You see the fish I lost yesterday felt half decent till we parted company so I might as well give it another got hadn't I. Canals can be so frustrating though as they are such a huge body of water they could be in one area one day and then gone the next.  

This area does hold fish though, it always has done in-fact up until the double figure fish I caught this stretch was home to my next two biggest canal zander, one of 9lb on the nose and another 8lb 10 ounces. 

The Zander fishing has certainly tailed off over the years though where bites are not at a premium.

This would be a double dipping session though as I'd fish a deadbait on one rod and fish a float lift method style, with some groundbait and bread on the hook. In more recent times I've caught some nice rod bending bream here and also some hard fighting hybrids.

I hotfooted it to the swim for around 7.00am and was looking forward to some peace and quiet up at turd tagging alley ® Bureboyblog  and bagging up.

Errrrr, best laid plans and all that, 3, yes 3 canoes within the first half an hour, 2 were tandems and the first one that went through was shouting to her mate who was literally less than a metre away sat in the front. 

I bet the moored boat loved that, probably woke them up from their slumber. No boats for this session which was odd.

Still at least the float fishing would be easier without all the palaver they can cause. Anyway with the dead bait out some Sonubaits supercrush green and a few pellets and maggots went in to the swim and the float settled nicely ready for a bite from a bream or a hybrid.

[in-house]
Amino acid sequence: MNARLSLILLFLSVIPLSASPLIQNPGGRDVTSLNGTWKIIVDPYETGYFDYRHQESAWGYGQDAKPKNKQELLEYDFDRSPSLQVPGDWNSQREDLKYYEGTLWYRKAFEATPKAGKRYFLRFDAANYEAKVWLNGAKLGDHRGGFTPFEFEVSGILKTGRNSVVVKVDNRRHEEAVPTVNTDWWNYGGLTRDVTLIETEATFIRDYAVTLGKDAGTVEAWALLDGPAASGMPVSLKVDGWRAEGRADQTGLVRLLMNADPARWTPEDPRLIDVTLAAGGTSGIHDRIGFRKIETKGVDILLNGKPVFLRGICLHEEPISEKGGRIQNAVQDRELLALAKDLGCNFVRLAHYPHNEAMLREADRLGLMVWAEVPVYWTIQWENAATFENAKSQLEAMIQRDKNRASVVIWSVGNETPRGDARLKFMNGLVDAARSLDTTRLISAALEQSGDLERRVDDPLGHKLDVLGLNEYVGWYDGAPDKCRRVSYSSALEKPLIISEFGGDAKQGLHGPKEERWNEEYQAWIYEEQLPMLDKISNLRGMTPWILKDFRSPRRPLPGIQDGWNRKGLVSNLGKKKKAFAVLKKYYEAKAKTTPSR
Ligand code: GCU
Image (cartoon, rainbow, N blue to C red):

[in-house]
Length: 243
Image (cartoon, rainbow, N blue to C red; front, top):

I waited, and waited and waited.....

Rebaited, fed a little again, and...

I waited, and waited and waited.....

There was nothing doing whatsoever, not just in that swim, but a few others that I tried. I gave them a good go as well but experience tells me you need to move to find the fish. Not helping I get bored without getting bites and especially for Zander you need to find where there are holding up, as bites will come quick when they are in the swim.

In the end disappointed that even the bread on the float rod didn't get a nibble from a fish I sacked that off and went for a rove to an area a mile and a half away where in the past it was one of my banker areas not just for Zander but for other species too.
Not an easy task when the towpath is a mud bath at the minute but needs must and all that. But again a few swims down those deadbaits were untouched. The water temp was 8.9 degrees so still a way off spawning time, but I was amazed how little action I got, and didn't see any signs of fish either, all very odd.

Maybe they were on strike like the council bin collectors. 

Back to the canals with a bang, Mick stick at it, things will come good soon enough I'm sure. 

Friday, 17 March 2023

Transient Towpath Trudging - Pt.44

For the real back-to-nature angler, there's nothing to beat Worzel Gummidge's scruffier brother, of whom it is often said that he keeps coming back like a pong. This is for the knowledgeable angler who once read somewhere that fish are allergic to the taste or smell of soap. So at weekends you take very good care not to use it. 

Superstitious and a great believer in tradition, you refuse to have anything done to render your fishing outfit habitable by a normal human being. 

Your lucky socks were those in which you won the club individual trophy in 1996, and you have never had them tubbed since. The lucky long johns took you to a victory in the needle match of 1997, and since then never have they felt the action of an enzyme. 

Your jumper, alas now severely holed by the depredation of moth and continual scratching through years on the bank, saw you only just miss the top weight in '98. Or was it '99? And your Irish tweed thornproof trousers are held together at the flies by a series of safety pins.